Report on Sinabung (Indonesia) — 15 January-21 January 2014

Smithsonian / US Geological Survey Weekly Volcanic Activity Report, 15 January-21 January 2014
Managing Editor: Sally Kuhn Sennert

Please cite this report as:

Global Volcanism Program, 2014. Report on Sinabung (Indonesia). In: Sennert, S K (ed.), Weekly Volcanic Activity Report, 15 January-21 January 2014. Smithsonian Institution and US Geological Survey.

Volcano Profile |  Complete Weekly Report |  Download PDF [future] |  Export Citation [future]


Sinabung

Indonesia

3.17°N, 98.392°E; summit elev. 2460 m

All times are local (unless otherwise noted)


PVMBG described activity at Sinabung during 10-17 January based on observations from a post in the Ndokum Siroga village, 8.5 km away. Each day brownish white or gray and white ash plumes rose as high as 5 km, pyroclastic flows traveled 0.5-4.5 km E, SE, and S, and incandescent material was observed on the S and SE flanks as far as 3 km. Seismicity remained high, with constant tremor, hybrid earthquakes indicating a growing lava dome, and volcanic earthquakes. The number of low-frequency earthquakes continued to drop, however. The Alert Level remained at 4 (on a scale of 1-4).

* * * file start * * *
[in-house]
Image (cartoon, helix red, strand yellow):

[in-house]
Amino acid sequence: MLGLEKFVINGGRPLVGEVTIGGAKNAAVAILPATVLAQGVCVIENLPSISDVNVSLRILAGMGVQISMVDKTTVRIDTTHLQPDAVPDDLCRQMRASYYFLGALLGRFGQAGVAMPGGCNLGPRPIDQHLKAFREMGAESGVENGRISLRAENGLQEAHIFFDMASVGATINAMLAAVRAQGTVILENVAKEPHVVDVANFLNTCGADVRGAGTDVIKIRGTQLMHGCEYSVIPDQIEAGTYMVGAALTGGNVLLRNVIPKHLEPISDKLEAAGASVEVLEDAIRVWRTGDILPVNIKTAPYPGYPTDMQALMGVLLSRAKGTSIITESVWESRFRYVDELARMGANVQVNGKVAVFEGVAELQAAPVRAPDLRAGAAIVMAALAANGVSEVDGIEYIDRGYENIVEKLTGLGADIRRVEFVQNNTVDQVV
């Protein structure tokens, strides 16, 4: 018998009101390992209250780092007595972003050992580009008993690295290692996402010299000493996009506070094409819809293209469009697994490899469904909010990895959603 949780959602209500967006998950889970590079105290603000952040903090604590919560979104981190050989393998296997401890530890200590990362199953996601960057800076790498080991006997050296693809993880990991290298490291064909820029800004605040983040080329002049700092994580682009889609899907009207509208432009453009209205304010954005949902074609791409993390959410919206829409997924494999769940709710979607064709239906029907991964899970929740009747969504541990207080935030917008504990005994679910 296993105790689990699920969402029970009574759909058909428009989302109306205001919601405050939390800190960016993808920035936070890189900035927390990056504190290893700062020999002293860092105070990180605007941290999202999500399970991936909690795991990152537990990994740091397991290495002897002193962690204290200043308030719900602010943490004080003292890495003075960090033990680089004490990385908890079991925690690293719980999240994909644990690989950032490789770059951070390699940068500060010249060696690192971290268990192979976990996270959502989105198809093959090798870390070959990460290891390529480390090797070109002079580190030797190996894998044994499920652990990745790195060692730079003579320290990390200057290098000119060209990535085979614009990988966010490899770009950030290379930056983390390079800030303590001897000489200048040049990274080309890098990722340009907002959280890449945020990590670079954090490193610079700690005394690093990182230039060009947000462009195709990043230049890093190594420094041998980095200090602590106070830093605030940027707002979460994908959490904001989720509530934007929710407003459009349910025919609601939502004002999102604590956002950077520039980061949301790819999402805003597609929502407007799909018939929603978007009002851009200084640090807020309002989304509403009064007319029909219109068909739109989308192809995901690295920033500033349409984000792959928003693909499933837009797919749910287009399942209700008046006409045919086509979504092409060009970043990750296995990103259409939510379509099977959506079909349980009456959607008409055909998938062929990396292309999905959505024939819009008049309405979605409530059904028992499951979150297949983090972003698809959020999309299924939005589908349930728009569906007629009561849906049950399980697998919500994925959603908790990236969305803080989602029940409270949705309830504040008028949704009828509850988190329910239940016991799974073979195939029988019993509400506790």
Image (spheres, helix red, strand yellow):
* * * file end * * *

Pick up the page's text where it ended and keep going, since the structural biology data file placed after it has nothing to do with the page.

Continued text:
Geologic Background. Gunung Sinabung is a Pleistocene-to-Holocene stratovolcano with many lava flows on its flanks. The migration of summit vents along a N-S line gives the summit crater complex an elongated form. The youngest crater of this conical andesitic-to-dacitic edifice is at the southern end of the four overlapping summit craters. An unconfirmed eruption was noted in 1881, and solfataric activity was seen at the summit and upper flanks in 1912. No confirmed historical eruptions were recorded prior to explosive eruptions during August-September 2010 that produced ash plumes to 5 km above the summit.

Source: Pusat Vulkanologi dan Mitigasi Bencana Geologi (PVMBG, also known as CVGHM)